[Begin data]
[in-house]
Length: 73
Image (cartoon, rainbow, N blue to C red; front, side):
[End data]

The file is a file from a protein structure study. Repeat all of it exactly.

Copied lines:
[in-house]
Length: 73
Image (cartoon, rainbow, N blue to C red; front, side):